Tucked in the depths of the Legislature’s most recent supplemental budget — surely you’ve waded through all 449 pages of it, haven’t you? — are some appropriations that tell you a lot about trends in higher education in this state now, and what that means for the employers, employees and the economy of tomorrow.
Here’s one item of particular interest locally. The Legislature appropriated $300,000 over two years for continuing study of a new community and technical college in the Graham area. The plan is to continue with classes at Graham-Kapowsin High School and gather data about those who are attending, as well as demand for expanded programs. The results of the feasibility study are due in June 2019.
Western Washington University in Bellingham, meanwhile, got several appropriations for setting up an early-childhood-education degree program at its Western on the Peninsulas campus in conjunction with Olympic College, and to study setting up a four-year-degree-granting campus on the Kitsap or Olympic peninsulas. That report is due at the end of this year.
Then there’s an allocation of $300,000 to Cascadia Community College and the University of Washington-Bothell to work with the local biomedical device cluster to figure out what workforce training programs businesses there will need to keep them there.
There’s more like that in there — Peninsula College, for example, is getting money to expand enrollment in its medical assisting, nursing assistant and registered nursing programs — but there are some larger, broader points to be drawn from the specifics.
One is that politicians, economic-development officials and business leaders are putting a lot of emphasis, not to mention a lot of your money, on the state’s higher-ed infrastructure as core to the prospects for Washington’s economic health and for those who might like a good-paying job.
There’s an easy temptation to get cynical and critical about dolloping out large sums of money for the expansion of higher ed. From the political side, bringing home some shiny new buildings always makes for some lovely groundbreaking and ribbon-cutting photos. That ought not to be a motivation for undertaking such projects, but let’s not kid ourselves, much government spending is based on such reasons.
From the educational side, higher-ed institutions are not immune to empire-building and turf wars, as we’ve seen with so many of the two-year schools morphing into four-year programs (count how many have dropped the word “community” from their name) and with local tussles like medical schools in Spokane.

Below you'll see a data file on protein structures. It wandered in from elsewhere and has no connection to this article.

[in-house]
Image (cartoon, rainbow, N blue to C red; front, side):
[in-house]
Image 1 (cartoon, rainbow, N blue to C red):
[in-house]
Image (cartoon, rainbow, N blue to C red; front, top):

Then there are the issues of the need for even more debt-burdened college graduates with degrees that will never translate into gainful employment, whether the emphasis on STEM (science, technology, engineering and mathematics) will set up today’s graduates for tomorrow’s layoffs once automation and artificial intelligence wipe out all those jobs and whether big physical campuses will soon prove to be as antiquated a delivery system for learning as the one-room schoolhouse, what with online programs available.
But even with those considerations, the emphasis on higher-ed spending isn’t misplaced.
The young’uns might not have caught on yet, but the future is shaping up very nicely for them job-wise. Baby boomers continue to exit the workforce, and they won’t all be replaced by robots or AI systems. Someone has to build, program, maintain, operate and fix those robots. As for artificial intelligence, it has yet to prove it won’t be the next over-hyped, under-delivering technology.
Actually, the present is shaping up pretty well, too. Some companies, industries and communities are having to offer sign-on bonuses to attract workers.
But there’s a catch. Prospects are bright for those who have the educational credentials to take on those jobs, and having those credentials means having access, in location and affordability, to the needed training.
That’s a reason why officials are looking at expanding programs to places such as Graham, and why community colleges, with their ability to get students through certificate and degree programs and into jobs faster, will remain critically important in whatever system the state winds up with.
Higher-ed also matters as an economic development tool since the presence of strong programs can be a factor in recruitment and retention of businesses. (If Amazon chooses a college-rich area such as Boston for its new headquarters, then we’ll know that higher-ed was high on its criteria list.)
Taxpayers might gulp at the proliferation of college campuses and programs, especially with everything else they’re asked to pay for these days. Higher ed doesn’t come cheap, and the opportunities for low-return spending abound.
But if they perceive that Graham State University and its equivalents increase the odds of getting Junior off the basement couch and into a good job post graduation, that’s an expenditure they might go along with.